So the pronounciation will be like what? Raqamuki? I don't quite understand why because we've been taught that the possessive article goes like -ik or -ak for every word. Is that generally wrong, is this a difference in Arabic depending on the region or is this word an exception? I am really confused as I see comments saying 'this is wrong' all the time.
The lessons of DL keep mentioning that it is standard arabic whereas in the arab nations it is not taught like that at school. So many mistakes are made, especially with the audio which is really bad particularly with the declensions. As an arab speaker, i think that much more effort is needed for Duolingo to pretend teaching real Standard Arabic, and not dialects. Well, even though dialects are obviously more spoken, standard arabic is more understood by arab people from allover the arab world, especially the younger generations.
And yes : Raqmuki for the true pronounciation : Raqmu- (number, nominative case), ki (your, as a female)
To what I know:
(Raqm: رَقْم) is the noun, and it stands for many things in fact but the common meaning is (digit). Hence the term رَقْمي (raqmiy) meaning (digital).
On the other hand, (Raqam: رَقَم) appears to be the verb, which according to some thesaurus means (to mark something) and it has very specific usages, like رَقَمَ النَّصْ (raqama an-nac) meaning (to put punctuation marks on the paragraph). A more relevant verb is رَقَّمَ (raqqama) which means to mark with a number.
So, I would say that (raqamuk) is not an accurate word, but it rather should be (raqmuk) meaning (your number) - as in phone number for example. If I want to add an accusative suffix to the verb (raqam) then that would be like (raqamak) and not (raqamuk), which might mean (to put a mark on you) - sounds weird already!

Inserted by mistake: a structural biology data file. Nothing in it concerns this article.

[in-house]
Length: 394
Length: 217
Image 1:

Well, in some sense it is forgiven but they should have made it clear that it is not strictly standard or fusHa Arabic. When this course was to start, the main icon was the flag of Egypt when made me think that it would be about the Egyptian dialect. It's a common dialect specially with the spread of Egyptian TV shows and movies across the Arab world anyway so people are somewhat, most of the time, acquainted with it. But then the flag changed to the flag of the Arab league. Putting this flag should be a sign of the official Arabic language. Hence, more effort should be put into this. Apparently, not even the contributors are linguists or did study Arabic as a major in college or something.
All in all, it would be better to put in the introduction of this course that it is a mush course, composed of blocks from various dialects to aid travelers, and not to teach the proper standard language (as we say in Arabic: a rose from every garden). Needless to say, the audio recording is way off. The error margin well beyond 50% with the audio spelling because it was made by a machine. In the Irish course, the audio was made by real people speaking Irish. The down-side for this approach is that you can't slow down the audio they say. However, if they are serious here, they should provide real recordings instead of a machine.
Yes I guess it is also possible. The general meaning for this root ر ق م seems to be, in general, related to marking or making a sign by imprinting (writing or otherwise):
For the umpteenth time, please accept هٰذه and هٰذا (and لكن while we're at it) without the dagger alif. It is impossible to type on a standard Arabic computer keyboard and completely unnecessary and I can't get the answer correct without copying it and pasting it from the correction, which defeats the purpose.